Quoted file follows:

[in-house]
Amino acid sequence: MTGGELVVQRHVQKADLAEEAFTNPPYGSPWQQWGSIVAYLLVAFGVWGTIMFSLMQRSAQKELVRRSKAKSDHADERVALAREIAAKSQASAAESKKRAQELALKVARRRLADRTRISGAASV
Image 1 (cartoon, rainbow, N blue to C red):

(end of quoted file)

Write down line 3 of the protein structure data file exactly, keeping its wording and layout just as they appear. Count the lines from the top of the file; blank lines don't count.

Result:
Image 1 (cartoon, rainbow, N blue to C red):